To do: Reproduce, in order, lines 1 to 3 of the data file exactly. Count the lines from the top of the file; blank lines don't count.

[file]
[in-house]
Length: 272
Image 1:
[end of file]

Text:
[in-house]
Length: 272
Image 1: